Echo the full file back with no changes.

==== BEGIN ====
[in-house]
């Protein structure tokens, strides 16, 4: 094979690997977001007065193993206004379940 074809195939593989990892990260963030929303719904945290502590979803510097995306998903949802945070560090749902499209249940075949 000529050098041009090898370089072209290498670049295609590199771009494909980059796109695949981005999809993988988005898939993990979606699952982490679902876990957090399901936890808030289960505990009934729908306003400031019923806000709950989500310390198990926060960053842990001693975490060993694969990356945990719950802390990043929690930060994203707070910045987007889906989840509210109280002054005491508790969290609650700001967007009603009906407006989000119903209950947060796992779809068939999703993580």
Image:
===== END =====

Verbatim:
[in-house]
């Protein structure tokens, strides 16, 4: 094979690997977001007065193993206004379940 074809195939593989990892990260963030929303719904945290502590979803510097995306998903949802945070560090749902499209249940075949 000529050098041009090898370089072209290498670049295609590199771009494909980059796109695949981005999809993988988005898939993990979606699952982490679902876990957090399901936890808030289960505990009934729908306003400031019923806000709950989500310390198990926060960053842990001693975490060993694969990356945990719950802390990043929690930060994203707070910045987007889906989840509210109280002054005491508790969290609650700001967007009603009906407006989000119903209950947060796992779809068939999703993580």
Image: